That said, Corus could make its own dramas and comedies – and own them outright – if it wanted to go it alone, without CMF or other such funding. But that’s a risk no Canadian broadcaster would take. In fact, many big budget international productions are co-produced in order to spread the risk of a show not becoming a hit. “I don't think any Canadian broadcaster would have the guts to take a swing like that,” he said in our interview. “It's just is too risky.

“I don't want it to be construed that I wouldn't do a drama. I'd love to do a drama if we had an idea that I really liked,” he added. “The system that we're operating under now is based on rules that have been around for a very long time, and I understand there are a lot of those folks who don't want to change the rules. I get it.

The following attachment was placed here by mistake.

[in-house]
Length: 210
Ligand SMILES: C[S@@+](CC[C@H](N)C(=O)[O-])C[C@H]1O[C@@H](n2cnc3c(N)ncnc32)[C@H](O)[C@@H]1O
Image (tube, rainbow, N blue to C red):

“But just let me control all the money I've got to spend,” he explained. “I know that people think that means I'll never work with an independent producer again. That's fundamentally not true. We had 42 series last year, I can't make them all myself. It's impossible.”

Murphy also said he wants to see the Canadian content points system overhauled and looks to Britain where it changed to a 38-point system (Canada’s is a 10-pointer), and allows foreigners into broadcasting, and to make British content. As long as it looks and feels like British content, just about anyone can make it, he said.